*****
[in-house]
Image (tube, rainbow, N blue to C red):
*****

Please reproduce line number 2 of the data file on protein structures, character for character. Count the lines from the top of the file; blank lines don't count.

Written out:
Image (tube, rainbow, N blue to C red):